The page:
Karen Farmer became the first known Black member of the Daughters of the American Revolution, a lineage-based membership organization for women who can prove that they are a bloodline descent from an ancestor who aided in achieving the United States’ independence. Farmer, a then-26-year-old Detroit real estate agent, traced her family’s roots back to the 1700s. According to Farmer, when researching her family history, she discovered an ancestor dating back to 1757 named William Hood, who was a soldier in the Continental Army of the American Revolution. She was the first African-American to be eligible to join the organization.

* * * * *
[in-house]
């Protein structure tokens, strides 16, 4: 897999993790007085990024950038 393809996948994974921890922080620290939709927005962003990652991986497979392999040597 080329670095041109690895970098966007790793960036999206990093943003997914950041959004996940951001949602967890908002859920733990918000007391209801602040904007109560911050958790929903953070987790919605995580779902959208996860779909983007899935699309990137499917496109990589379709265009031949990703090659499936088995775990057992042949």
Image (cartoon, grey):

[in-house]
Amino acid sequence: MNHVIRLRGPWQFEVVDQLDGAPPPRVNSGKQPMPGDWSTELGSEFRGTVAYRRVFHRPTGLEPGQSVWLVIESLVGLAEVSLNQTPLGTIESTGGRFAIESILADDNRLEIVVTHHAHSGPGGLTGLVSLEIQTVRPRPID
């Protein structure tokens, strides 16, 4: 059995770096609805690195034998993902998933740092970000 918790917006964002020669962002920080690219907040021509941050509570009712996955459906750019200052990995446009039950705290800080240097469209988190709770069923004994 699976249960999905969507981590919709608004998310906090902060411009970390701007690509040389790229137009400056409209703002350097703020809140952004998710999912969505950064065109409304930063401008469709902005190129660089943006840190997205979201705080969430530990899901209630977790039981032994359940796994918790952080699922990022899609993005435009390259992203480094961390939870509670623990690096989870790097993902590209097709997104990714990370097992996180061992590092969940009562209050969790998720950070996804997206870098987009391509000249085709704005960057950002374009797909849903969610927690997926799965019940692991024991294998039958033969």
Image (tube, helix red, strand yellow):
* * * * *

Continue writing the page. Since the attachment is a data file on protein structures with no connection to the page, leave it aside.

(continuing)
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(Photo: Courtesy of DAR.org)
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